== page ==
Opéra, Melbourne

View Info

CBD, Melbourne, Victoria, Australia

Bates Smart was commissioned to design a 19-storey landmark residential development at 450 St Kilda Road, Melbourne. The vision was to create a unique contemporary sculptural object which reflects the area’s history and stands proud among the current ‘block form’ building stock.

During the late 1800s St Kilda Road was a main arterial connecting suburban St Kilda with the Melbourne CBD, and was planned as a wide European-style boulevard to accommodate horse-drawn traffic. Grand mansions of noble significance were built along St Kilda Road, including the prominent Airlie mansion located on the corner of the 450 St Kilda Road site. This was once home to former Prime Minister Stanley Bruce.

Airlie is a pre-eminent example of an architectural and social era known worldwide for its flair and decadence.

The design vision for 450 St Kilda Road draws on the nostalgic glamour of Airlie Mansion and leverages its significance and value to the development site. To express this relationship and rapport, the design takes a sculptural and contemporary shape, creating a landmark which exudes a distinctive, elegant and alluring flavour.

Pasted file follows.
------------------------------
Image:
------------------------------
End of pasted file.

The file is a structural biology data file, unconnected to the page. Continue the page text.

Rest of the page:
Bates Smart sought to create a building that not only captures the movement and vitality of St Kilda Road’s glamorous past, but also allows key views across the site to be maximised. The facade is stretched like fabric over this contemporary form, with openings expressed as cuts which accentuate the sense of movement. The ground plane draws on the idea of pattern making of traditional paving evident in the grand mansions along St Kilda Road but provides a contemporary twist.

Our design harmonizes the site with its historical and social context, celebrates it with new energy and life to create a strong and unique identity for this new way of living in luxury.

Golden Age Group

32,000 sqm, 19 storeys, 235 apartments


MelBIM, Melbourne
12 November 2015

Progressive design processes
Joachim Clauss

450 St. Kilda Road, Melbourne
Progressive landmark to celebrate local history